Been thinking about a scripture recently (Alma 32):
13 And now, because ye are compelled to be humble blessed are ye; for a man sometimes, if he is compelled to be humble, seeketh arepentance; and now surely, whosoever repenteth shall find mercy; and he that findeth mercy and bendureth to the end the same shall be saved.
14 And now, as I said unto you, that because ye were compelled to be ahumble ye were blessed, do ye not suppose that they are more blessed who truly humble themselves because of the word?
15 Yea, he that truly humbleth himself, and repenteth of his sins, and endureth to the end, the same shall be blessed—yea, much more blessed than they who are compelled to be humble because of their exceeding poverty.
16 Therefore, blessed are they who ahumble themselves without being bcompelled to be humble; or rather, in other words, blessed is he that believeth in the word of God, and is baptized without cstubbornness of heart, yea, without being brought to know the word, or even compelled to know, before they will believe.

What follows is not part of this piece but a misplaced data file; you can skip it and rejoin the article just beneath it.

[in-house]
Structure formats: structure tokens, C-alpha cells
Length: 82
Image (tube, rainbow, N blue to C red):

That very last phrase is an intriguing one but that’s for another post. Today I’ve been mulling over the humility bit. It implies that at first, we are given the chance to be humble of our own accord. If we don’t, we are ‘compelled’. In this case, it’s the poverty of the people to whom Alma is speaking, but I think it can be applied more generally. In any case, there’s only one way to ‘compel someone to be humble’ and that is by humiliation.
Now that word usually makes you think of fraternity/sports team initiations or having your trousers pulled down in public or suchlike, but the base idea is of an external force overwhelming you in such a way that you are unable to deny that force’s supremacy. In the Zoramites’ case, it was the injustice of their society, but it needn’t be something public or even recognisable by anyone else. At some point, and in some way, it will be forcefully demonstrated to you that you are not all-powerful, or all-knowing, or whatever. That you are not ‘all that’! The question is what happens next. Will you get mad and kick out and blame God for your troubles, or will you look to see the lessons that can be gained from your experience?
The closest analogy I can think of is if you’re playing a sport and you lose badly. You can spend your time blaming the conditions or the referee, or you can go back to training and improve your game. And that decision makes all the difference.